RE:view, volume 37, Number 4, pages 177-188, Winter 2006.
Reprinted with permission of the Helen Dwight Reid Educational Foundation.
Published by Heldref Publications, 1319 Eighteenth St., NW, Washington, DC 20036-1802.
Copyright © 2006.
RE:view - Winter 2006
Instructional Strategies for
Teaching Judgment in
Detecting Gaps for
With No Traffic Controls
In this article, I provide instructional strategies for the concepts and skills of crossing
streets that have no stop sign or traffic signal. Such situations include crossing the main
street at intersections with stop signs for the secondary street, at roundabouts or traffic
circles, separate right-turn lanes, and mid-block crosswalks. In these situations, unless
pedestrians rely on drivers to yield, they must cross during a gap in traffic that is long
enough for them to cross, which means (a) such gaps in traffic must exist and (b) the
pedestrians must be able to determine that a gap is long enough to allow them to cross.
Pedestrians who rely on nonvisual information traditionally determine sufficient
gaps by listening for a period with no sounds of approaching vehicles (Allen, Courtney-
Barbier, Griffith, Kern, & Shaw, 1997; Jacobson, 1993; LaGrow & Weessies,
1994; Pogrund et al. 1993). Sixty years ago this was apparently an effective strategy.
Orientation and mobility (O&M) specialists at that time used a version of the timing
method for assessing the detection of vehicles to prove to apprehensive blinded veterans
that, when it was quiet, all the approaching vehicles could be heard from far enough
away (Sauerburger, 1999a).
Today, however, it is not possible in many situations to hear approaching traffic clearly
enough to know if it is safe to cross (Brennan, 2001; Snook-Hill & Sauerburger, 1996).
At busy roundabouts, masking sounds compromise the ability to hear approaching traffic
sufficiently (Wadhwa, 2003); in other situations, traffic sounds can be blocked by a hill or
a bend in the road, making it impossible to hear the traffic well enough even when it is
quiet (Sauerburger, 1989, 1995, 1996, 1999 a and b?), and sometimes, for no apparent reason,
the traffic is not sufficiently audible. At any given intersection, the ability to hear the
traffic can vary for reasons such as wet versus dry pavement, wind, ambient sounds, temporary
blockage of sounds by parked trucks or signs. Thus, it may be possible to hear the
traffic from far enough at one time, but not another. People who rely on normal vision also
are sometimes unable to know whether the gap is long enough for crossing because they
cannot see the traffic far enough, perhaps because of a hill or bend in the road.
In teaching students about crossing at uncontrolled intersections, comprehensive
O&M instruction has three goals for its students:
1. To enable them to recognize the situations at uncontrolled intersections where
they cannot reliably determine a crossable gap in the traffic because they cannot hear
or see the traffic far enough away.
In the sections that follow, I list, in terms of objectives, the skills and concepts that students
need to achieve each of the three instructional goals and suggest some teaching
strategies for reaching the objectives.
2. To understand the risks and issues involved in crossing at such locations.
3. To provide viable alternatives to use in situations in which they cannot reliably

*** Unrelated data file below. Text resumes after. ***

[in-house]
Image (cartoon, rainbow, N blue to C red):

detect a gap in the traffic.
Objectives for Meeting Instructional Goals
For Goal 1: The student recognizes situations at uncontrolled crossings where he or she
cannot reliably determine crossable gaps in traffic.
1. The student will be able to determine the width of unfamiliar streets by learning
the width of lanes that is typical for most streets
to determine how far away the passing vehicles are,
the typical geometry of streets, and
how to use this information to determine the probable width of unfamiliar streets.
2. The student will accurately predict crossing time for streets of various widths by
learning to accurately determine the distance to walk across each lane, and
understanding and predicting the necessary crossing time.
3. The student who has functional hearing or vision will understand how to use hearing
or vision effectively to detect gaps in traffic by
learning how the sound of approaching traffic is masked by other sounds and
blocked or muffled by obstacles, hills, and bends in the road.
learning the effects of lihting and other factors on their ability to see approaching
traffic and how to scan and glance for vehicles efficiently.
recognizing whether the traffic in given situations is detected better with vision
or with hearing.
4. The student will recognize situations at uncontrolled crossings where he or she cannot
hear or see well enough to reliably determine crossable gaps in traffic.
For Goal 2: The student understands the risks and issues involved in crossing streets
independently when he or she cannot reliably determine crossable gaps in traffic.
1. The student will understand the pedestrian and white cane laws regarding right-of-way.
2. The student will consider the probability that a vehicle that was undetected at the
beginning of the crossing would reach the student before he or she has finished the
3. The student will understand the likelihood that drivers will slow down or stop to
avoid hitting the student. The student
learns about drivers’ needs for sight distance, braking time, and good road
learns information from studies of the yielding behavior of drivers, and
observes the yielding behavior of drivers in the student’s area.